As we’ve mentioned in previous posts, legal translation is one of the most sought-after services at translation companies, as it covers a whole host of document types that are key, for example, for companies wanting to move into new markets, for legal procedures involving parties based in different countries or for enforcing laws and regulations on an international scale.
Legal documentation encompasses everything from wills through to court sentences and rulings. All these texts have one thing in common: they’re generally legally binding documents originally written by a legal professional, such as a judge or a lawyer. That said, each document has its own specific terminology, structure, syntax, etc., which is why looking into all of them in a single article would be impossible. What we can do, however, is start by going through them gradually: today we’re going to focus on the translation of contracts.
A number of different types of contracts could be translated; arguably, however, the most common are work contracts, lease contracts or business contracts, such as sales, agency or distribution agreements. In Spain, for example, contracts tend to include an introduction with the date, place and details of the parties involved, followed by their declarations and the clauses or conditions, and finally, the conclusion and the signatures of the parties.
And talking about structure, this is one of the first aspects that translators must consider when approaching a contract. We previously mentioned the features inherent to each legal document; well, the challenge of translation lies in the fact that these features vary according to the country. No question about it, legal translation is one of the branches in which translators must have complete command of the context of the document at hand.
Let’s take an example. If faced with the translation of a contract from English into Spanish, you’ll see how the content isn’t laid out in the same way in both languages, how the headings commonly used in English at the start of the clauses don’t tend to be used in Spanish, or how the source text can reference laws, institutions or documents from the country of origin that don’t have an equivalent or don’t correspond to those in the country for which the translation is intended. What should you do in these instances? This is when specialist translators must tap their resources in order to make the right choice in each instance. This will depend on the type of assignment, the recipient of the translation and its role within the process.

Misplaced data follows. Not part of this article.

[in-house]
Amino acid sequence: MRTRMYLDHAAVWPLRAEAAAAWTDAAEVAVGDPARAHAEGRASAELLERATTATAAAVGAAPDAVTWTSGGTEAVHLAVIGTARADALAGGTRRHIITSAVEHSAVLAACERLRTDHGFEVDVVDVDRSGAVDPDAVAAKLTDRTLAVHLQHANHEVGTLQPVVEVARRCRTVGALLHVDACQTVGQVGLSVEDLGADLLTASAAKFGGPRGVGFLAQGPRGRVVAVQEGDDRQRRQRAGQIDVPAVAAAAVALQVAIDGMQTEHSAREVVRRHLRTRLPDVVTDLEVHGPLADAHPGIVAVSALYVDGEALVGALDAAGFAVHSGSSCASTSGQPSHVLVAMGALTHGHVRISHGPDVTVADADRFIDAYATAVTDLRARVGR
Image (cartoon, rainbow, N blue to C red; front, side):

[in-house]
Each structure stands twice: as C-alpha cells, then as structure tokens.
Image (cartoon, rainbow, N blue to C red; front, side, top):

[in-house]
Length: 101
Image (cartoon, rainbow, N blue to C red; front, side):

But it doesn’t end there. Contract translation entails many more difficulties: let’s not forget the hard-to-understand legal jargon and technicalities; loanwords, such as Gallicisms, and Latinisms, which very rarely have direct equivalents between languages; and other lexical elements such as doublets and triplets, archaisms or false friends (those terms which, due to their similarity with another English term, appear to have an obvious translation that later turns out to be incorrect). Likewise, if a document is under European or International legislation, the translator must take the terminology used in the original laws into account to avoid ambiguities or inconsistencies between existing texts and the translation.
In English, at a syntactic level, there are grammatical particles with meanings that change according to the context and their position within the clause, and very lengthy noun phrases that give rise to never-ending sentences with scarce verbalisation and punctuation. With regards to these features of legal language, the Plain English Campaign was launched in the United Kingdom at the end of the 70s, which advocates a more comprehensible use of the language in legal documents for the benefit of the general public.
In addition to the list of difficulties that we’ve mentioned, and in light of the fact that they’re legally binding documents through which the parties acquire certain rights and assume obligations, translations must be free from errors and transmit the exact content that appears in the original. To this effect, translators must not only master the specialised language, but also the legal system and current legislation in both countries in relation to the contract they’re translating.
Lastly, certain procedures may require translated texts to be officially certified. In these instances, there are sworn or certified translators in Spain who have been authorised by the Spanish Ministry of Foreign Affairs and Cooperation to sign and seal certain documents to verify the accuracy of their translation as compared to the original text. This is sometimes required by administrative bodies in certain countries in order to verify a document’s validity, for example.
As you can see, contract translation requires the painstaking work of an experienced professional translator who is an expert in the legal field. At Tatutrad, we know that a legal translation service has to be flawless, which is why our translation agency based in Seville has a network of legal and certified translators with extensive experience.